Facebook enters the e-commerce business with “Facebook Shops”. The company is thus entering the Amazon territory. The high number of users of the social network indicates a great potential of the new concept.
Facebook is expanding its business model to benefit from the growing e-commerce market. The new concept is called “Facebook Shops”. This service is designed to enable small businesses to offer and sell their goods directly through Facebook and Instagram. Potential customers are closer to the products through the integration of Facebook Shops. At the same time they are more likely to buy them.
Rising sales and profits expected
Facebook kills two birds with one stone with this coup: On the one hand, merchants are willing to pay larger sums for advertising on the e-commerce platform. On the other hand, Facebook charges a fee of five percent on sales from Facebook shops. The sales potential for the American Internet giant is enormous: Facebook has around three billion active users per month across all platforms. If the company succeeds in capturing a market share of two percent of the global e-commerce market by 2023, according to analysts a cumulative turnover of up to seven billion US dollars from advertising revenues and the fees charged is possible. Facebook’s entry into the e-commerce sector has the potential to pose serious problems for competitors such as Amazon and Alibaba. Should Facebook actually be able to exploit the new opportunities, the company’s stock should also be revalued. Experts seem optimistic: immediately after the announcement of the new service Facebook Shops at the end of May, 45 analysts at Bloomberg put the stock at “Buy,” 5 at “Hold,” and only 3 at “Sell. According to the experts, the launch of the platform should make the social network’s cash register ring even harder than before.
After the Facebook share price slumped during the Corona crash – between mid-February and mid-March, the price plummeted from around $218 to $145 – its price has since risen significantly again. At the beginning of July, it was quoted at around 227 dollars.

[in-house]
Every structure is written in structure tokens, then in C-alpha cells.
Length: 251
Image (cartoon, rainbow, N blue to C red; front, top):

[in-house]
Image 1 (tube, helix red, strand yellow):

Even though Facebook has been the subject of frequent criticism in recent years – for example, the social network has recently had to remove numerous pieces of misinformation about Covid-19 from its platform – the Californians still hold a dominant market position thanks to the deep global roots and consumer acceptance of their products such as Facebook, WhatsApp and Instagram. Experts speak of “moat stocks” in this context. This refers to shares of companies whose business model cannot simply be adopted or replaced because it is protected like a castle by one or more moats, i.e. by economic advantages over the competition that are difficult to overcome.
Facebook not only earns money with classic e-commerce, but also with acquisitions. For example, the online network recently bought a share of almost ten percent for 5.7 billion dollars in the Indian digital platform Jio Platforms – the subsidiary of a leading mobile phone provider. This is the biggest acquisition since 2014, when Facebook boss Mark Zuckerberg acquired the messenger service WhatsApp for around 22 billion dollars. The latest deal in India is an important strategic step. It is intended to secure access to one of the world’s largest future markets and above all to serve WhatsApp: In this country with its rapid technological progress, the messenger service is to be expanded to include the “WhatsApp Pay” payment function and thus compete with other payment systems such as “Google Pay”.